Olympic tie-ins: We've come a long way since shin-kicking

These books are full of social history and extraordinary life stories, as well as arcane trivia, Simon Redfern stays the course

With London 2012 and television's 2,500 hours of coverage in full swing, Olympic devotees may struggle to find much time for reading before the closing ceremony in a week's time. But those curious to know just how the quadrennial event grew so huge need look no further than the monumental, magisterial The Official History of the Olympic Games and the IOC by David Miller (Mainstream, £40). Official it may be, but Miller does not flinch from detailing the corruption and dubious politicking that have accompanied the movement's success.

In London's first Games in 1908, Britain topped the medal table with 56 gold medals, 51 silver and 39 bronze. Yet all was not sweetness and light; it poured down, and in London's Olympic Follies (Robson Press, £8.99), Graeme Kent charts the frequent accusations of cheating, and the scandal at the opening ceremony when the US team's flag-bearer refused to dip the Stars and Stripes before the Royal Box, as protocol demanded. But, belying its title, his anecdote-packed account acknowledges that there was also much to admire.

The build-up to London 1948 had a distinctly grudging air, as many grumbled that a country still struggling to recover from the war had greater priorities. Yet, as Janie Hampton chronicles in The Austerity Olympics (Aurum, £8.99), it turned out to be a resounding success. The picture that emerges in this lively book is of a cheerfully low-key affair in which competitors travelled by bus and were billeted with local families. Perhaps the most eye-popping detail is that these "make do and mend" Games actually made a profit of £29,420 on the £732,268 expenditure.

Even before those official Games, Britain could boast a lengthy Olympic history, as Martin Polley explains in The British Olympics (English Heritage, £17.99), a rich mix of social as well as sporting history allied to imaginative illustration. Exactly 400 years ago at Dover's Hill in Gloucestershire, the Cotswold Olympicks were born, and while events such as shin-kicking no longer feature in the modern scheme of things, the initiative inspired a number of similar events. Indeed, a convincing case can be made for one of these inspiring Pierre de Coubertin to create the modern Olympics. After visiting the Wenlock Olympian Games in Shropshire in 1890, he wrote: "The fact that the Olympic Games … are being revived today is due not to a Hellene, but to Dr W P Brookes [the Wenlock event's instigator]".

Harold Abrahams is remembered now mainly because of the film Chariots of Fire, but it's still surprising that Running With Fire by Mark Ryan (Robson Press, £9.99) is the first biography of Britain's first 100m champion. After his triumph in Paris in 1924, Abrahams went on to be a powerful voice in athletics, ending up president of the Amateur Athletic Federation, and would probably have been knighted, like his two brothers, if he hadn't incensed the Wilson government by opposing sporting sanctions against apartheid South Africa. Mark Ryan doesn't gloss over the imperfections of this chippy man, but his sympathetic approach celebrates the runner rather than the reactionary.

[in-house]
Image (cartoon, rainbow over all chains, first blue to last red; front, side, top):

The other hero of Chariots of Fire, the 400m gold medallist Eric Liddell, has been the subject of several biographies. Be warned that the reissued and updated Eric Liddell: Pure Gold by David McCasland (Lion Hudson, £9.99) only devotes a couple of chapters to his athletic exploits. But then the other life of this devout Scot, who became a missionary in China and died in a Japanese internment camp during the Second World War, is far more extraordinary.

Both Liddell and Abrahams would have been horrified by the cynical drug-taking of more recent Games, none more so than Seoul 1988, when six of the eight 100m finalists were later linked to drugs. In The Dirtiest Race in History (Wisden, £18.99), Richard Moore examines that race and surrounding events in forensic detail, having interviewed the runners, including the "winner", Ben Johnson. His vivid reconstruction reveals a story far more complex than it appeared at the time.

The man who sat with Ben Johnson in the doping control centre in Seoul was Professor Arne Ljungqvist, who had represented Sweden as a high jumper in the 1952 Olympics before qualifying as a doctor. Returning to sport as a member of the Swedish Athletics Federation in 1971, he was astonished to discover via an anonymous questionnaire that nearly half his country's athletes were using anabolic steroids (which at that time weren't illegal). Almost single-handedly at first, he fought to turn the tide of popular opinion against drugs, and his autobiography, Doping's Nemesis (SportsBooks, £17.99), offers an unrivalled insider's account of that battle, which at 80 he is still helping to wage.

Love is the drug of choice for many athletes in the Olympic Village, closely followed – if The Secret Olympian (Bloomsbury, £8.99) is to be believed – by alcohol. But for the most part, this is an interesting examination of the experience of being an Olympic athlete rather than a sensational exposé. As for the identity of the author, who competed for Team GB at Athens 2004, there are clues aplenty sprinkled throughout the text, especially for those with any knowledge of British rowers.